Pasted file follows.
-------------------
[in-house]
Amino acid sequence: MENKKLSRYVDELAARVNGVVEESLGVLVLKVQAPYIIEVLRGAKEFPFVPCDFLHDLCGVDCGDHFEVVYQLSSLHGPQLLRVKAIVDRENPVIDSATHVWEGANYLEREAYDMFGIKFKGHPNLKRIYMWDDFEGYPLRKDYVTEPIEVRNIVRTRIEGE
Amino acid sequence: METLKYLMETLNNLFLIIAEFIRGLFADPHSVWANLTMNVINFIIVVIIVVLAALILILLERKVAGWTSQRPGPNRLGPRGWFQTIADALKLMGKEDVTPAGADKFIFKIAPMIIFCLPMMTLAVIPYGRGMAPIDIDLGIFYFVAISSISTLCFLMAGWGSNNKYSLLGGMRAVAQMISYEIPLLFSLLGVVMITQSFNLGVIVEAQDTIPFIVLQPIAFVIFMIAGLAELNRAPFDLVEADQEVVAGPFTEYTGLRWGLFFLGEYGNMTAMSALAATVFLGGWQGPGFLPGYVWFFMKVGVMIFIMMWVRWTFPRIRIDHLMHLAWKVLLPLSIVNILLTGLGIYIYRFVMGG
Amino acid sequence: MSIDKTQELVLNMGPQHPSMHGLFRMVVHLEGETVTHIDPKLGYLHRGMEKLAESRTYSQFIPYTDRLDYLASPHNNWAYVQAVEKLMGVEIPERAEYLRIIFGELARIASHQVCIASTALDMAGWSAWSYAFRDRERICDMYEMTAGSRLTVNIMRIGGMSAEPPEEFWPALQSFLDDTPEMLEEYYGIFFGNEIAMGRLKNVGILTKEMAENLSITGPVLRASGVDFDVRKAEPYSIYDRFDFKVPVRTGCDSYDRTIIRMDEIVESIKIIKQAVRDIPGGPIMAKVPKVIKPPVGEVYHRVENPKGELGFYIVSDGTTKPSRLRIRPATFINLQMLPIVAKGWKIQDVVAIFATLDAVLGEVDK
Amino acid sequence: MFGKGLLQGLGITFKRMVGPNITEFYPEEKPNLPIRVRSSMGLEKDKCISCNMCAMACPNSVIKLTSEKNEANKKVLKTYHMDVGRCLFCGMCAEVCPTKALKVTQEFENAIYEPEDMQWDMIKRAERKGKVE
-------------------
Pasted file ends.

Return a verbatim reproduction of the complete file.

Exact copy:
[in-house]
Amino acid sequence: MENKKLSRYVDELAARVNGVVEESLGVLVLKVQAPYIIEVLRGAKEFPFVPCDFLHDLCGVDCGDHFEVVYQLSSLHGPQLLRVKAIVDRENPVIDSATHVWEGANYLEREAYDMFGIKFKGHPNLKRIYMWDDFEGYPLRKDYVTEPIEVRNIVRTRIEGE
Amino acid sequence: METLKYLMETLNNLFLIIAEFIRGLFADPHSVWANLTMNVINFIIVVIIVVLAALILILLERKVAGWTSQRPGPNRLGPRGWFQTIADALKLMGKEDVTPAGADKFIFKIAPMIIFCLPMMTLAVIPYGRGMAPIDIDLGIFYFVAISSISTLCFLMAGWGSNNKYSLLGGMRAVAQMISYEIPLLFSLLGVVMITQSFNLGVIVEAQDTIPFIVLQPIAFVIFMIAGLAELNRAPFDLVEADQEVVAGPFTEYTGLRWGLFFLGEYGNMTAMSALAATVFLGGWQGPGFLPGYVWFFMKVGVMIFIMMWVRWTFPRIRIDHLMHLAWKVLLPLSIVNILLTGLGIYIYRFVMGG
Amino acid sequence: MSIDKTQELVLNMGPQHPSMHGLFRMVVHLEGETVTHIDPKLGYLHRGMEKLAESRTYSQFIPYTDRLDYLASPHNNWAYVQAVEKLMGVEIPERAEYLRIIFGELARIASHQVCIASTALDMAGWSAWSYAFRDRERICDMYEMTAGSRLTVNIMRIGGMSAEPPEEFWPALQSFLDDTPEMLEEYYGIFFGNEIAMGRLKNVGILTKEMAENLSITGPVLRASGVDFDVRKAEPYSIYDRFDFKVPVRTGCDSYDRTIIRMDEIVESIKIIKQAVRDIPGGPIMAKVPKVIKPPVGEVYHRVENPKGELGFYIVSDGTTKPSRLRIRPATFINLQMLPIVAKGWKIQDVVAIFATLDAVLGEVDK
Amino acid sequence: MFGKGLLQGLGITFKRMVGPNITEFYPEEKPNLPIRVRSSMGLEKDKCISCNMCAMACPNSVIKLTSEKNEANKKVLKTYHMDVGRCLFCGMCAEVCPTKALKVTQEFENAIYEPEDMQWDMIKRAERKGKVE